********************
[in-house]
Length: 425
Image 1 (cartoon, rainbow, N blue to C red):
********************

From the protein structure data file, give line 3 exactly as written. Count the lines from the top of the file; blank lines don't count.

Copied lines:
Image 1 (cartoon, rainbow, N blue to C red):